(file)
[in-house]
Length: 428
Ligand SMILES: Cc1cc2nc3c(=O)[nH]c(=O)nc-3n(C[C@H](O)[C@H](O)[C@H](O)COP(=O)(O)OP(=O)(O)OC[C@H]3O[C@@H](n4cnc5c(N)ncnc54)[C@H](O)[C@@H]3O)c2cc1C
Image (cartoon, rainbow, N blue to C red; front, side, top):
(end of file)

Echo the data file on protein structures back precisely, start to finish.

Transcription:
[in-house]
Length: 428
Ligand SMILES: Cc1cc2nc3c(=O)[nH]c(=O)nc-3n(C[C@H](O)[C@H](O)[C@H](O)COP(=O)(O)OP(=O)(O)OC[C@H]3O[C@@H](n4cnc5c(N)ncnc54)[C@H](O)[C@@H]3O)c2cc1C
Image (cartoon, rainbow, N blue to C red; front, side, top):